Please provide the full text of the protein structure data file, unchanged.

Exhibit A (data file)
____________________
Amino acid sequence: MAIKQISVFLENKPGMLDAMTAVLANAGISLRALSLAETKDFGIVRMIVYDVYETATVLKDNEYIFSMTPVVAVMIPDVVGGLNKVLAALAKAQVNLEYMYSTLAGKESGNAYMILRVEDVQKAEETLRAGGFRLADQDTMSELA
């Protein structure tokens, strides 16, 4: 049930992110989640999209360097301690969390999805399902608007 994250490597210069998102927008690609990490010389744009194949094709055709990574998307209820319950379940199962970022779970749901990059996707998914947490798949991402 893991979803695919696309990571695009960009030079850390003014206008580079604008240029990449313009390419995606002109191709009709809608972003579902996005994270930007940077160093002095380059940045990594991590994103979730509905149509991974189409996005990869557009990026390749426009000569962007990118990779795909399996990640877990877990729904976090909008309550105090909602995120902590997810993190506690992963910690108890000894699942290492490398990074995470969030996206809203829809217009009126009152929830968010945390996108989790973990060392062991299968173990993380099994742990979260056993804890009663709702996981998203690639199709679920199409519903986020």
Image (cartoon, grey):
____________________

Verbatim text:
Amino acid sequence: MAIKQISVFLENKPGMLDAMTAVLANAGISLRALSLAETKDFGIVRMIVYDVYETATVLKDNEYIFSMTPVVAVMIPDVVGGLNKVLAALAKAQVNLEYMYSTLAGKESGNAYMILRVEDVQKAEETLRAGGFRLADQDTMSELA
């Protein structure tokens, strides 16, 4: 049930992110989640999209360097301690969390999805399902608007 994250490597210069998102927008690609990490010389744009194949094709055709990574998307209820319950379940199962970022779970749901990059996707998914947490798949991402 893991979803695919696309990571695009960009030079850390003014206008580079604008240029990449313009390419995606002109191709009709809608972003579902996005994270930007940077160093002095380059940045990594991590994103979730509905149509991974189409996005990869557009990026390749426009000569962007990118990779795909399996990640877990877990729904976090909008309550105090909602995120902590997810993190506690992963910690108890000894699942290492490398990074995470969030996206809203829809217009009126009152929830968010945390996108989790973990060392062991299968173990993380099994742990979260056993804890009663709702996981998203690639199709679920199409519903986020």
Image (cartoon, grey):